I decided to build a composting toilet system in my tiny home to reduce my environmental impact and gain independence from traditional plumbing. Installing a composting toilet was one of the most intimidating projects I took on during my tiny home build, but it ended up being very straightforward.
In this comprehensive guide, I’ll walk through the entire process of selecting, installing, and maintaining a composting toilet so you can build an eco-friendly, cost-effective toilet system in your own tiny abode.
Selecting a Composting Toilet
The first step is choosing the right composting toilet. Here are the key factors to consider:
Type of Composting Toilet
There are two main types of composting toilets:
Self-contained – All components are in one unit. Waste collects in a chamber below the toilet seat.
Central – Urine and feces are separated. Waste collects in a chamber installed elsewhere in the home.
Self-contained units are simpler to install and maintain. I went with a Nature’s Head dry composting toilet – a very popular off-grid model.
Consider the toilet’s capacity and emptying requirements. My Nature’s Head can handle over 1000 uses before needing emptied. For my one-person household, that’s once every 4-6 months.
Composting toilets come in different shapes and sizes. Measure your bathroom space carefully to ensure a proper fit.
Many composting toilets have extra features like fans, heating elements, and conveyor systems to help waste breakdown faster. I opted for a basic, low-tech model.
Proper installation is crucial for a functioning composting toilet.
Ventilation helps evaporate liquids and provide oxygen to aid composting. My toilet came with a 12-volt exhaust fan which vents outside.
I installed a drainline from my toilet leading to a 5-gallon bucket buried underground. Liquids collected in the bucket drain into the soil.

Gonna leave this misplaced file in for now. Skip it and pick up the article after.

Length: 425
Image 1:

I cut an access door in the bathroom wall behind the toilet to remove composted waste easily.
I secured my toilet to the floor with lag screws and used shims to ensure it was completely level. This prevents leaks and helps waste breakdown.
Use and Maintenance
With installation complete, just add composting medium and start using your toilet! Here are my tips for smooth operation:
I maintain 6 inches of coconut coir in my toilet chamber. The coir absorbs liquid, reduces odor, and provides a carbon source.
Proper Waste Deposits
Using a composting toilet takes some practice! I keep a small bin with coconut coir next to the toilet to cover deposits immediately. This prevents odors and helps waste compost faster.
Frequent ventilation is key. I run the exhaust fan 15 minutes after every use. The fan helps evaporate urine deposits and freshens the air.
Too much liquid causes odor and slows composting. I check the toilet weekly and add extra bulking agent if needed.
When my chamber fills up, I scoop the oldest, composted waste out through the access door. I spread the safe, usable compost around ornamental plants.
Troubleshooting Common Problems
Even with good use, composting toilets can still encounter issues. Here are some I faced and how I solved them:
Problem: Liquids draining too slowly
Solution: I trimmed the drain hose and made sure the outlet was clear.
Problem: Strong urine odors
Solution: Added more coconut coir and ran the fan more frequently after liquid deposits.
Problem: Drain pipe freezing in winter
Solution: Insulated the drain line.
While installing my composting toilet required time and labor upfront, it was one of the most rewarding projects I completed in my tiny house. I enjoy gaining independence from traditional plumbing, reducing my environmental footprint, and producing a useful compost product. With proper selection, installation, and maintenance, composting toilets are a viable, eco-friendly solution for tiny living.